And what of Adams? We are aware of only one public comment by him on the Torre game. After Irving Chernev had published it on page 20 of the January 1943 Chess Review (‘This game ranks with the most brilliant ever produced in the whole history of chess.’) Adams reacted in a letter to the editor on page 146 of the May 1943 issue:
‘Allow me to thank you for the very complimentary remarks in Chess Review (January 1943) on my game with my little Mexican friend Carlos Torre.
Three of my sons are now in service of their Country and I would like to have you send each of them a copy of your January issue, so that they can show the game to their friends and say “That’s my Pop.”
New Orleans, La.’
Adams died the following year. (The death notice in the New Orleans States newspaper, 20 May 1944 named the sons in question as ‘Edwin Z. Jr, USNR, Captain Gerard C., US Army Cadet, Joseph T., USMA’.)
Finally, C.N. 2227 quoted the following paragraph from page 156 of the American Chess Bulletin, July-August 1921:
‘New Orleans, however, is not wholly without its chess organ, for a department is regularly devoted to chess in the pages of The Morning Star, a Catholic publication. E.Z. Adams is the chess editor.’
Can it be ascertained what appeared in Adams’ column about Torre?
Afterword: The above article is a digest of various C.N.
items, as listed under ‘Adams v Torre’ in the Factfinder. Subsequent items are
Dale Brandreth (Yorklyn, DE, USA) sends two games from pages 40 and 138 of the rare book Chess Players of New Orleans by Andrew Lockett (New Orleans, 1935):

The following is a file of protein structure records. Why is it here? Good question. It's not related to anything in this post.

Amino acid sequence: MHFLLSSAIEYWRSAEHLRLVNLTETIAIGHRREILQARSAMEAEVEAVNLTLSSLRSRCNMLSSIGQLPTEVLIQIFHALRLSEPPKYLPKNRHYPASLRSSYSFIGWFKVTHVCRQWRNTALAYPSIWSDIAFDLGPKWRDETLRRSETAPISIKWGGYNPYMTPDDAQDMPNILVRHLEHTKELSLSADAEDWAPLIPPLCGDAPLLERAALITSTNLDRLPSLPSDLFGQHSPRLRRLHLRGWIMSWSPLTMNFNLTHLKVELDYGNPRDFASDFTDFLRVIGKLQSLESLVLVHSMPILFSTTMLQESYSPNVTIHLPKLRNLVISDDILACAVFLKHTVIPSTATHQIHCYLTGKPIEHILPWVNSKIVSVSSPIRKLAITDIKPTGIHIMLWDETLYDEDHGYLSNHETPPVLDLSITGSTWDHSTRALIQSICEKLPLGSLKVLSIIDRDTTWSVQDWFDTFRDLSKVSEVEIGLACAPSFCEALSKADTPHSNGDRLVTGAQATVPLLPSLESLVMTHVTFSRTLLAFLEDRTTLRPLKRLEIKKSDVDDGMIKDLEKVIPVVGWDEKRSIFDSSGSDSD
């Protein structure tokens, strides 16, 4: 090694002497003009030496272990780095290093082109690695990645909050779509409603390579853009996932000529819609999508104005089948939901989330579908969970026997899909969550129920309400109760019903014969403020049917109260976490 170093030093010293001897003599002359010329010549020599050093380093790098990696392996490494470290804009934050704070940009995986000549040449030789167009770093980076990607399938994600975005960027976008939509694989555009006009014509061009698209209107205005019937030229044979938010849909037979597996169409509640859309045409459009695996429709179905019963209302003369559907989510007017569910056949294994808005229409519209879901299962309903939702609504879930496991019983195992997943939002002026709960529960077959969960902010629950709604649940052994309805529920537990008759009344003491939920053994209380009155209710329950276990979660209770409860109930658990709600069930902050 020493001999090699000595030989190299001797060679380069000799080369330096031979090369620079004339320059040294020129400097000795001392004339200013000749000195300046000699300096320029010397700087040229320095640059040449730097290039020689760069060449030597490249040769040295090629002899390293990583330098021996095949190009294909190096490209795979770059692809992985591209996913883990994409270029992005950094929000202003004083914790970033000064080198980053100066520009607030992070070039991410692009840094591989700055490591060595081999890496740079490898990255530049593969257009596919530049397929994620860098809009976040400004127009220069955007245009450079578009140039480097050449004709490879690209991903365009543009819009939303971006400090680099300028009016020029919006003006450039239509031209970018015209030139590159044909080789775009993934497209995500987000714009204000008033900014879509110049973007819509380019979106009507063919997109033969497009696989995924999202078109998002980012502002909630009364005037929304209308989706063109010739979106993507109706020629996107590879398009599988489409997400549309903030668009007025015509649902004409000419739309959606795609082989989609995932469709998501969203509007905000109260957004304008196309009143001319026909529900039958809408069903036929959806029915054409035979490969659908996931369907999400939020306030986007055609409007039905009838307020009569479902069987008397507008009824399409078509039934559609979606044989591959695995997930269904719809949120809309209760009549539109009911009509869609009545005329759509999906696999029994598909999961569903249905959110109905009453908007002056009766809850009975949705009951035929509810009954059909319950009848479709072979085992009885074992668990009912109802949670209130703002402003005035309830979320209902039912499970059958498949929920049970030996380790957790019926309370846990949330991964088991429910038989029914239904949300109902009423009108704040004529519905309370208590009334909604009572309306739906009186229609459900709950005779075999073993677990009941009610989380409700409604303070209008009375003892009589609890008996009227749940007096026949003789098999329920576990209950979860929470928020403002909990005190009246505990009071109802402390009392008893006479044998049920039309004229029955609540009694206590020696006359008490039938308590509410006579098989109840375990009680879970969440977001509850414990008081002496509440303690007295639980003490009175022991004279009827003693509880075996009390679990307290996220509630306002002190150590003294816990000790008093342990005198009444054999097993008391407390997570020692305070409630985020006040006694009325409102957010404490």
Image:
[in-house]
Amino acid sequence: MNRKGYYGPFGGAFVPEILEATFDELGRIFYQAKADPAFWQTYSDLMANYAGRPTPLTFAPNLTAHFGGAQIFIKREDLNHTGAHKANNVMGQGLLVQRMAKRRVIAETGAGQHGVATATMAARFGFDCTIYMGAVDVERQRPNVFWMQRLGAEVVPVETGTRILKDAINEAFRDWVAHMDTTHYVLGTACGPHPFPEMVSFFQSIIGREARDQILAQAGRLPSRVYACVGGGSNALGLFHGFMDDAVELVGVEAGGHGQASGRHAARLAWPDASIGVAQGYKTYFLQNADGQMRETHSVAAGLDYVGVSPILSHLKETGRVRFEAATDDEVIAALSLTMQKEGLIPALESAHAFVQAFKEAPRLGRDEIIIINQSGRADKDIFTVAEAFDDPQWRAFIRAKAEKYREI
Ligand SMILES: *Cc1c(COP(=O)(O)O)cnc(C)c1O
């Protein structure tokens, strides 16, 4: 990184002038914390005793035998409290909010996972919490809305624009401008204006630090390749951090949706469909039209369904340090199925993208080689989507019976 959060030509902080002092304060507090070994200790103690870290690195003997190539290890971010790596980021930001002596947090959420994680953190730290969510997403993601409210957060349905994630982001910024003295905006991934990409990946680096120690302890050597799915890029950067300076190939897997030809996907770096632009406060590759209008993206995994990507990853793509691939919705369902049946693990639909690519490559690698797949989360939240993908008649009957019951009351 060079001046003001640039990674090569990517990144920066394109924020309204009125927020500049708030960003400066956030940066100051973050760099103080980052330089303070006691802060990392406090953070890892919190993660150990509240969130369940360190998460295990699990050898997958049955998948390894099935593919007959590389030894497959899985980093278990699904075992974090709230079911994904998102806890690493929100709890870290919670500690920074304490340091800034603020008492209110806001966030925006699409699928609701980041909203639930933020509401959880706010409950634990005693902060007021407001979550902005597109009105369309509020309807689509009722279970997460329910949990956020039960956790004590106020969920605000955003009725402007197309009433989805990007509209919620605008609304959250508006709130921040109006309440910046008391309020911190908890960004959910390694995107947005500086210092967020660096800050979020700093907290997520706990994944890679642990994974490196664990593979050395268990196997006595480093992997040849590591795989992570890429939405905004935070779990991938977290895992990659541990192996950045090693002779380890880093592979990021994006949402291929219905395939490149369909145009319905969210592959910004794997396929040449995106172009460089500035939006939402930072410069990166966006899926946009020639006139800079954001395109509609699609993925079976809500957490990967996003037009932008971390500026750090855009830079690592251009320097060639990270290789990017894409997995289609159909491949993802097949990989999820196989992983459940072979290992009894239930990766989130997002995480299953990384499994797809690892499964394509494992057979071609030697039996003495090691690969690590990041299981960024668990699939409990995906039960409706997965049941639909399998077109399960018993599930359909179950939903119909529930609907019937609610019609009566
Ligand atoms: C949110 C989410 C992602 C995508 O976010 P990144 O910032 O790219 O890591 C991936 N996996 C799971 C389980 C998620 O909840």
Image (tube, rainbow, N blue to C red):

– Andrew Lockett
New Orleans, 1925
1 e4 e6 2 d4 b6 3 f3 Bb7 4 Bd3 Qh4+ 5 g3 Qh5 6 Be3 Bd6 7 e5 Bxe5 8 dxe5 Qxe5 9 Kf2 Qxb2 10 Nd2 Nf6 11 h3 Nh5 12 Ne2 O-O 13 Bd4 Qa3 14 Nc4 Qe7 15 Qd2 d5 16 Ne5 c5 17 Be3 c4 18 Nxc4 dxc4 19 Bxc4 Qf6 20 Ng1 Qxa1 21 White resigns.Morton – Edwin Ziegler Adams
1 e4 e5 2 Nf3 Nc6 3 Bc4 Bc5 4 b4 Bxb4 5 c3 Ba5 6 d4 exd4 7 O-O Bb6 8 cxd4 d6 9 d5 Na5 10 Bb2 Nf6 11 Bd3 O-O 12 Nc3 Bg4 13 Kh1 Bd4 14 Qd2 Bb6 15 Ne2 c5 16 Ng3 c4 17 Bc2 Rc8 18 Nd4 c3 19 Bxc3 Nc4 20 Qc1 Ne5 21 Qb2 Qc7 22 Nb5 Qc5 23 Rac1 Nc4 24 Qb3 a6 25 Nd4 Ba5 26 Ndf5 Bxf5 27 Nxf5 Rc7 28 Bxf6 Qa3 29 Bxg7 Rfc8 30 Bf6 Qxb3 31 Bxb3 b5 32 Bxc4 resigns.
Dr Brandreth comments:
‘Leaving aside the Torre v Adams (French Defense) game published by Chernev which appeared in your feature article, these are, to the best of my knowledge, the only known true games of E.Z. Adams published anywhere, and they are both true patzer games.
As regards the famous “Adams v Torre” game, its first known publication came not from the winner but from the loser. This alone must arouse suspicion, since it was well known that Torre owed his start in New Orleans chess to Adams. The fact that Adams appeared to certify the game’s origins in 1943 does not mean too much. That was about 23 years later, Adams was in likely poor health (he died a year later), and who was he to dispute a game which any master would be proud to claim as his own when the loser himself publicized the game?